Playing the Waiting Game

I hate waiting.  And I don’t think I am alone; we don’t have the time to wait for the next tube so we squeeze onto the already full, airless container, bending our backs with the contours of the sides rather than wait two minutes for the next shuttle.   We buy microwaveable ready meals rather than cook.  We pre order Starbucks using an app so we can skip the queue.  I was called Emily, then I moved to London and three syllables was too long,  I became “Em”.  We hate waiting.

But waiting is important.

Abram. Habakkuk. Isaiah. Simeon. Anna. Even Jesus. These guys (and girl) knew how to wait.

 

God promises to make Abram into a ‘great nation’ when he leaves Israel aged 75 (Genesis 12).   When Abram is 99, God renews his promise to ‘greatly increase [Abram’s] numbers’, and gives Abram (which means high father) the name Abraham (father of many) as a sign of His promise (Genesis 17).  But the promised son is not born until Abraham is one hundred years old!! (Genesis 21:5).  It is twenty five years after God first promised Abram that he would have offspring; and with each year the fulfilment of this promise must have seemed increasingly impossible, yet God is able and faithful to his promises.

But why did God make Abram wait so long?  In part it was about faith. The next chapter in Genesis details God’s call to Abraham to sacrifice his son Isaac (Genesis 22).  In Counterfeit Gods, Tim Keller writes that God knew Abram’s heart and therefore his faith, so it was not to prove it, but to improve it: it was only through the fire of obedience and testing that Abram’s faith would be made pure.  And that faith, which had been built in the years of waiting did indeed stand up.  Abraham withstood the fire and came out stronger.  If he had been given Isaac immediately maybe He would not have understood that God’s ways are not our ways, and He would not have dared take Isaac to sacrifice.  But Abraham knew His God.  He knew God was bigger even than the son who was seemingly the answer to God’s promise.  And God was glorified through Abraham’s obedience and faith.

Abraham’s story looks forward to a greater story, when another beloved son would be taken up the mountain for sacrifice, so that although Isaac partially marked the end of the wait for Abraham, he also marked out a bigger promise to wait for.

 

The bigger promise that is alluded to in the story of Abraham and Isaac is prophesied throughout the Old Testament, it was this revelation of which Habakkuk wrote;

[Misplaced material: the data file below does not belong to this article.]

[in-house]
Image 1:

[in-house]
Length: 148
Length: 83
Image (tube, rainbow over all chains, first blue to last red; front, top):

For the revelation awaits an appointed time; it speaks of the end and will not prove false. Though it linger, wait for it; it will certainly come and will not delay.
Habakkuk 2:3

And Isaiah wrote,

For to us a child is born, to us a son is given, and the government will be on his shoulders. And he will be called Wonderful Counselor, Mighty God, Everlasting Father, Prince of Peace. Isaiah 9:6

And for which Simeon and Anna spent their lives praying, fasting and worshipping (Luke 3). The promise for which these men and women waited was fulfilled in Jesus. Or was partially fulfilled in Jesus.  We are still in a time of waiting.  A time of now and not yet.  Jesus said to the Samaritan woman at the well,

‘a time is coming and has now come when the true worshipers will worship the Father in the Spirit and in truth, for they are the kind of worshipers the Father seeks.’
John 4:23

The time has come, but is still coming; We are still awaiting the Jesus’ return, when the veil will be lifted and we will be able to worship the Father in Spirit and in truth.  So on an eternal scale we are waiting.

 

But often we are also waiting on the smaller scale of everyday life.  Knowing that what we are currently doing is not actually where God wants us to be but unable to understand why He doesn’t hurry up and get us out.  We should take heart that even Jesus had to wait until He was thirty to begin His ministry (Luke 3:23).  And Jesus’ waiting time was not wasted as  in this time ‘[He] grew in wisdom and stature, and in favor with God and man’ (Luke 2:52).  the time out of the public eye is preparing Jesus for the time when He finally is.  He is instilling patterns that continue even when he is busy because he learnt their importance.  Luke 5:16 says, “Jesus often withdrew to lonely places and prayed.” Habits like drawing on God for strength, for His identity, for his direction, set Jesus up so that regardless of whether his ministry is a success or failure He is rooted and ready to glorify His Father.